New surveillance zone to prevent TB spread in Cumbria
AN ‘enhanced surveillance zone’ near Penrith has been announced by Animal Health in a bid to prevent bovine TB from spreading across Cumbria.
The new surveillance zone will take in a 3km area around the dairy farm where more than 90 animals had to be slaughtered following discovery of the disease. Testing initiated by Animal Health immediately following the breakdown found no spread of the disease to neighbouring premises.
Twenty-three farms are now within the new zone, eight of which have already had a mandatory bovine TB test and the other 15 will be tested within the month.
All 23 farms will then be subject to a follow-up test in 12 months. In the meantime, bovine animals in the zone will be subject to pre-movement testing, which could remain in place for the next year.
NFU North West regional director Robert Sheasby said it would be a ‘worrying time’ for local livestock farmers as the industry had fought ‘long and hard’ to keep the disease at bay. “We will be working closely with Animal Health and our members locally to ensure everything possible is done to prevent it spreading.”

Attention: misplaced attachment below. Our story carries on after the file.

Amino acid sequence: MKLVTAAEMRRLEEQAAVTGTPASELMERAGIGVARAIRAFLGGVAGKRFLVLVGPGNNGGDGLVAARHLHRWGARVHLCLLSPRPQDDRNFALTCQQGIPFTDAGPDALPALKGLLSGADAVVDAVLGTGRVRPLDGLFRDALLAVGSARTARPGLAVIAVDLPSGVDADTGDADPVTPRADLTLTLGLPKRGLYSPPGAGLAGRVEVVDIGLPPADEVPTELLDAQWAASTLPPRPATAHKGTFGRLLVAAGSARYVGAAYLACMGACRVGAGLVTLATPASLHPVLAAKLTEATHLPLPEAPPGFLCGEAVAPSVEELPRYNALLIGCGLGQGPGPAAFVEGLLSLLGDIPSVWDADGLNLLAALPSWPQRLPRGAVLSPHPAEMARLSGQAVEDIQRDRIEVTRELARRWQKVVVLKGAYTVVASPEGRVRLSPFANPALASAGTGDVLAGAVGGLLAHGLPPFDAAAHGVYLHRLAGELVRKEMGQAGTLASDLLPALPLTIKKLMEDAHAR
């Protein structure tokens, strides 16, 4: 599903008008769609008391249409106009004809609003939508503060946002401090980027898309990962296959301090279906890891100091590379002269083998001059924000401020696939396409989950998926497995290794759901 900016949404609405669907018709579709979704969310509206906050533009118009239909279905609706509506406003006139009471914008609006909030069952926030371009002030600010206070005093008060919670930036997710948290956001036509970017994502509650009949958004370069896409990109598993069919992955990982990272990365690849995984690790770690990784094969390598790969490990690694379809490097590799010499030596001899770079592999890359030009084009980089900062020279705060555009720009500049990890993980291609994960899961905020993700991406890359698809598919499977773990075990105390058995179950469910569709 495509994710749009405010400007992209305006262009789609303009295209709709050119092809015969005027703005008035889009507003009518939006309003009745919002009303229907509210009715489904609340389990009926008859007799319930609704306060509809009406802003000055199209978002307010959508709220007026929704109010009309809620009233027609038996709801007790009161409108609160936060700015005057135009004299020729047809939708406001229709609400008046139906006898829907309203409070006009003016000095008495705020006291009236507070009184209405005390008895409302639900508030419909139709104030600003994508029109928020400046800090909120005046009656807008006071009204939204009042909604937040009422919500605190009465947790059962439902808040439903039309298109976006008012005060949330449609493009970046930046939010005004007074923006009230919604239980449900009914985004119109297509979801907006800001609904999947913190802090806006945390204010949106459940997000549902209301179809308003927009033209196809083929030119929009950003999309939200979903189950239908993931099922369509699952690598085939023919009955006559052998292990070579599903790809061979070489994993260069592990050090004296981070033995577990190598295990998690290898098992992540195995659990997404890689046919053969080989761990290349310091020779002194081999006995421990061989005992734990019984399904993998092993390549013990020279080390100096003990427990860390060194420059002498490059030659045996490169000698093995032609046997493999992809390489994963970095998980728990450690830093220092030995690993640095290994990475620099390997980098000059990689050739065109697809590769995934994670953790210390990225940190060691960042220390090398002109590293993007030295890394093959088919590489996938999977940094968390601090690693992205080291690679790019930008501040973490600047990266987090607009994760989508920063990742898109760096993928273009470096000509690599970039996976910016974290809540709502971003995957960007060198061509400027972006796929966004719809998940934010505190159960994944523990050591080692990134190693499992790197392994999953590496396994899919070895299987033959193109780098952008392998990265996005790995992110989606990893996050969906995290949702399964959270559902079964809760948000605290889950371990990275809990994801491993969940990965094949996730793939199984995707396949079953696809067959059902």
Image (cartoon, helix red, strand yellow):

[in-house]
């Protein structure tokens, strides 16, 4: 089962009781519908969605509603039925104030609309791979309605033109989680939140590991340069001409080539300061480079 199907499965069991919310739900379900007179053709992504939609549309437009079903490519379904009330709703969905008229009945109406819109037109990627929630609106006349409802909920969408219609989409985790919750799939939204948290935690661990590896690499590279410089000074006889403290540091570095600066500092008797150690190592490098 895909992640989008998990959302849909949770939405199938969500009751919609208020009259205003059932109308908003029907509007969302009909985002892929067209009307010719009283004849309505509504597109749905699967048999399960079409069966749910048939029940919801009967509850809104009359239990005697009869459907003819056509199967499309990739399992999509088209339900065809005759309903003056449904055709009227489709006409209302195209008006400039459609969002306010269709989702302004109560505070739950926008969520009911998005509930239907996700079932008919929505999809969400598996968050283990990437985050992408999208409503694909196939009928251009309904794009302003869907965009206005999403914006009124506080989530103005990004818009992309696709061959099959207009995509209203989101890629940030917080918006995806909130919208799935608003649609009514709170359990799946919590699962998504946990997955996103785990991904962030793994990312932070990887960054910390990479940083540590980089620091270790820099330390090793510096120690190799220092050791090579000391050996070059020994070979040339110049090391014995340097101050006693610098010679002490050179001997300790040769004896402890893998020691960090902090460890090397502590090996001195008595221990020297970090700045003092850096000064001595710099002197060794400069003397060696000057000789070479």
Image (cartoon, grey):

NFU Cumbria county chairman Robert Craig, a dairy farmer near Carlisle, said: “Having heard accounts of the emotional and economic cost of what it means to live with bovine TB, Animal Health’s decision is one I reluctantly have to support as the prospect of seeing bovine TB spread further across Cumbria is too frightening to contemplate.
“We now need to work together as an industry and take particular care of where we are sourcing cattle from to help reduce the risk of further cases emerging.”
There will also be wildlife testing in a wider area around the enhanced surveillance zone based on physical boundaries, such as roads, rivers, forests and urban areas. This means all deer shot or killed in the area will be tested, along with all badgers killed on the roads.